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Aggie Daily News
Union Pacific, A&M, CS officials agree to slow trains
By Luke Jackson
Friday, October 1, 2004
Representatives from Union Pacific met with Texas A&M and College Station city officials Wednesday and decided to lower the train speeds to 40 mph effective Thursday morning.
The trains' speed was 50 mph in College Station, which is 10 miles over the 40 mph limit in the area between FM 2818 and Holleman Drive, according to College Station Ordinance 2621.
The train speeds were changed in June but Sippial said he didn't find out about the change until two weeks ago.
Miscommunication between Union Pacific and local officials caused initial confusion last week. Sippial said Union Pacific had not notified him and his staff of the speed increase.
"Normally, (Union Pacific) makes an announcement to the leaders and general public of an area that we are increasing speeds in an area, and we are currently engaged in an internal investigation to see how that miscommunication occurred," said Katherine Blackwell, the general director of Corporate Communications for Union Pacific. "Getting information out to the public is very important to Union Pacific."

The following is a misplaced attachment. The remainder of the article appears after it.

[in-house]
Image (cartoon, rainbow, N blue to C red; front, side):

Last week, Union Pacific representative David Bromley said the federal government has the ultimate say in the matter because railroad regulation falls under federal jurisdiction and therefore supercedes local ordinance.
College Station City Manager Tom Brymer, who was present at the meeting, said the dialogue among A&M officials, College Station officials and Union Pacific Railroad officials was positive.
"It was a constructive and candid conversation between the officials present," Brymer said.
Brymer said that when construction at Villa Maria near the College Station city lines is completed, Union Pacific plans to have another meeting with College Station officials to discuss possibly raising the speed limit back to 50 mph.
"The construction at Villa Maria is estimated to be completed between 18 to 24 months, but that's a matter under the jurisdiction of the Texas Department of Transportation," Brymer said.
Some A&M students had no problem with the speed increase in the first place, because faster speeds meant less time to wait at railroad stops when trains passed through.
"I think an increase to 50 mph is good because the train comes through so much during the day that it can cause people to be late to class - the sooner a train is out of the way, the better," said senior political science major Adam Everett. "As long as people obey the railroad traffic laws and don't try to 'beat the trains,' then a 10 mph increase should be OK."
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